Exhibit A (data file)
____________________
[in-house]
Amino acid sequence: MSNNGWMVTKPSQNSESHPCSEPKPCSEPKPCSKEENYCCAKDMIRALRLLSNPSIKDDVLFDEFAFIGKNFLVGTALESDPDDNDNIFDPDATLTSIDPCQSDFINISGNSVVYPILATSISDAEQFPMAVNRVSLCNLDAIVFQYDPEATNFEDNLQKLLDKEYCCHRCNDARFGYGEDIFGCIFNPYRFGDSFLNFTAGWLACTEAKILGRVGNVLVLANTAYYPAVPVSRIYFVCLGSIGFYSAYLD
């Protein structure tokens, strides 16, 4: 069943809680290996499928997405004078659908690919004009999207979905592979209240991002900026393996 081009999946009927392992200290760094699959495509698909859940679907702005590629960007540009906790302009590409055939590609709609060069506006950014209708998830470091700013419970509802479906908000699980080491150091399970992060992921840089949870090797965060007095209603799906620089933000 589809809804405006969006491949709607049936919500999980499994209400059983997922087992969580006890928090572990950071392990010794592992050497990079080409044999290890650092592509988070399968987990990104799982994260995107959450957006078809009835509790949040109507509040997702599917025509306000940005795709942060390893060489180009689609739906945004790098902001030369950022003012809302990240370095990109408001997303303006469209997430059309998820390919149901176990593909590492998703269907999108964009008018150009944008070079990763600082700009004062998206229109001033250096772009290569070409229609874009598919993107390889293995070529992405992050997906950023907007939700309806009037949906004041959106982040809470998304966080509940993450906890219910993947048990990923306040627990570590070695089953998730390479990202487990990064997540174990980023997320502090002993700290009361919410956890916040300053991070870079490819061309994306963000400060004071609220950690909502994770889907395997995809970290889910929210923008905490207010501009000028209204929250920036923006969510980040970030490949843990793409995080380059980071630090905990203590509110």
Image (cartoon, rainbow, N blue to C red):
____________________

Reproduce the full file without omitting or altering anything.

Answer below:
[in-house]
Amino acid sequence: MSNNGWMVTKPSQNSESHPCSEPKPCSEPKPCSKEENYCCAKDMIRALRLLSNPSIKDDVLFDEFAFIGKNFLVGTALESDPDDNDNIFDPDATLTSIDPCQSDFINISGNSVVYPILATSISDAEQFPMAVNRVSLCNLDAIVFQYDPEATNFEDNLQKLLDKEYCCHRCNDARFGYGEDIFGCIFNPYRFGDSFLNFTAGWLACTEAKILGRVGNVLVLANTAYYPAVPVSRIYFVCLGSIGFYSAYLD
């Protein structure tokens, strides 16, 4: 069943809680290996499928997405004078659908690919004009999207979905592979209240991002900026393996 081009999946009927392992200290760094699959495509698909859940679907702005590629960007540009906790302009590409055939590609709609060069506006950014209708998830470091700013419970509802479906908000699980080491150091399970992060992921840089949870090797965060007095209603799906620089933000 589809809804405006969006491949709607049936919500999980499994209400059983997922087992969580006890928090572990950071392990010794592992050497990079080409044999290890650092592509988070399968987990990104799982994260995107959450957006078809009835509790949040109507509040997702599917025509306000940005795709942060390893060489180009689609739906945004790098902001030369950022003012809302990240370095990109408001997303303006469209997430059309998820390919149901176990593909590492998703269907999108964009008018150009944008070079990763600082700009004062998206229109001033250096772009290569070409229609874009598919993107390889293995070529992405992050997906950023907007939700309806009037949906004041959106982040809470998304966080509940993450906890219910993947048990990923306040627990570590070695089953998730390479990202487990990064997540174990980023997320502090002993700290009361919410956890916040300053991070870079490819061309994306963000400060004071609220950690909502994770889907395997995809970290889910929210923008905490207010501009000028209204929250920036923006969510980040970030490949843990793409995080380059980071630090905990203590509110």
Image (cartoon, rainbow, N blue to C red):